Much was said at the Passenger Pigeon commemoration about learning the lesson of that extinction. I dare to suggest that the unlearned lesson is staring us Ohioans in the face.

And so I remain a “purist” about the name of the Sargents Pigeon, and suggest this appropriate brief meditation on this centennial day:  Go to a quiet place outdoors, where you can see the clear-blue pigeonless sky, hear the sound of running water, and feel the late summer breeze on your skin. Then focus your thoughts for one full hour on this single question:  Do you want to be known for all eternity by the cute nickname bestowed on you by the boy who blows out your brains?


10620640_10202763153264686_5651488854277840200_nMartha at the Cincinnati Zoo

10354826_10202763155904752_2326616095529915213_nFull-blood passenger pigeon female

[Note the distinct difference in the shape of the cranium, first pointed out to me by Stephanie Canzanella. GS]

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1 Response

  1. Poo says:

    Since the beginning of time, animals, birds, fish and plants have become extinct at the rate of .01 to .10% per year. Not great and in some cases undesirable but there you have it. On the other hand, nearly 2 million species have been identified since 1758. Who knows how many came on board unnoticed prior to that time? It is further estimated that an additional 10 million plant and animal species remain undiscovered out there somewhere. It has also been speculated that up to 20 million new marine microbial species may still be discovered. Win some, lose some I guess.

    With the death of Martha, age 29 at the Cincinnati Zoo, the inspirational Passenger Pigeon became the icon for extinction. They were no match for humans and the steady advance of their technology in weaponry, telegraph and trains. As a purist, I am sure Mr. Sea will not be mollified by the news that one hundred years later, new technological advances may bring back Martha’s forefathers and mothers, or reasonable facsimiles thereof. One team of scientists is trying to bring the species back from extinction, using genetic engineering and cloning. Still others are analyzing bits of Passenger Pigeon DNA to reconstruct its lost ways of life. (see “Bringing Them Back to Life”, National Geographic magazine.) Back 100 years ago, biologists and scientists had no idea that genes are encoded in DNA. Today, the technology exists to extract DNA from preserved Passenger Pigeons in museum collections wherever they may be. Oh I know, this is awful. My advice is don’t look. Most of us would rather have cloned Passenger Pigeons than none at all. Some of us never even saw them in the wild. Maybe soon we will.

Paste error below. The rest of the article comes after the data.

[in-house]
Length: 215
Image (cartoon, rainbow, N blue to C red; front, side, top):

In 2012, the Great Passenger Pigeon Comeback Project was established to create cloned Passenger Pigeons or, at the very least, birds genetically engineered to have Passenger Pigeon traits. No date has yet been set for the first test flight. But can the red-breasted American Passenger Pigeon, hunted to extinction a century ago, really be revived from museum specimens? Yes, say geneticist George Church of Harvard University and his colleagues. Unable thus far to extract an intact Passenger Pigeon genome from museum specimens, they’re hoping they can do the next best thing: retool the genome of a living bird species so that it gives rise to a Passenger Pigeon.